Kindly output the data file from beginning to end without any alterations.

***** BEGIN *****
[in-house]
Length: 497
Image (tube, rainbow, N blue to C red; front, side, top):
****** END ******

[in-house]
Length: 497
Image (tube, rainbow, N blue to C red; front, side, top):